In the last fifty years, the Nordics have seen a profound transformation of social model, culture, and capitalist economy. To a varying degree, welfare state cultures across the Nordics have embraced markets as primary or secondary agents. Consumer patterns, cultural engagements and images of self and others have also seen fundamental transformations in relation to new notions of speculation, entrepreneurship and choice. Social movements of old have metamorphosed into new forms of mobilization both for and against markets. In what way is the notion of neoliberalism relevant to describe this?
We invite papers on topics such as, and not limited to: business, business organisations, and the role of business networks, social democratic parties and trade unions, popular and expert culture, language, rhetoric and images of markets, right wing parties and neoliberal ideology, family policies, feminism and gender, immigration, and Nordic identity.
The conference is by invitation only and we aim for one consecutive strand of papers and collective discussion in a group of 25-30 people.
Keynote speaker: Melinda Cooper
December 14, 2020, 15.15-17
Webinar with Amy C. Offer
Sorting Out the Mixed Economy: The Rise and Fall of Welfare and Developmental States in the Americas (Princeton University Press, 2019)
Amy C. Offner (assistant professor of history at the University of Pennsylvania)) studies twentieth-century US history in global perspective, with special focus on Latin America. Her research and teaching address the history of capitalism and political economy, empire and foreign relations, and social and intellectual history.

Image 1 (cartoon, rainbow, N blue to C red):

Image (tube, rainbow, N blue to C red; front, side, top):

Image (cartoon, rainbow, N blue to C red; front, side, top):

Sorting Out the Mixed Economytakes readers through half a century of US and Colombian history, offering a transnational history of state formation and capitalist reconstruction since 1945. In the process, it shows the influence of Latin American developmentalism on the formation of the US welfare state and reveals the midcentury origins of practices that are regarded today as hallmarks of neoliberalism, including austere systems of social welfare provision, changing systems of state decentralization, and novel forms of for-profit and private delegation.
Sorting Out the Mixed Economywon the First Monograph Prize from the Economic History Society. It was also a finalist for the Berkshire Conference of Women Historians Book Prize and received an honorable mention for the Stuart L. Bernath Prize of the Society for Historians of American Foreign Relations.
The seminar is organised by the Neoliberalism in the Nordics research group and the Departments of the History of Ideas and Science, Uppsala University, the Economic History Department, Uppsala University, and the Center for Modern European studies, Copenhagen University.
September 3, 2020, 15.15-17
Webinar with Francesco Boldizzoni
Francesco Boldizzoni, Foretelling the end of capitalism. Intellectual misadventures since Karl Marx. (Harvard University Press, 2020)
Francesco Boldizzoni is an economic and intellectual historian, Professor of Political Science at the Norwegian University of Science and Technology, Trondheim. His 2011 book, The Poverty of Clio. Resurrecting Economic History, won much acclaim in both fields of economic and intellectual history. He is currently working on a project about the role of social democracy in capitalist society, The Decent Society.
The seminar is organised by the Neoliberalism in the Nordics research group and the Departments of the History of Ideas and Science, Uppsala University, the Economic History Department, Uppsala University, and the Saxo Institute for Modern European studies, Copenhagen University.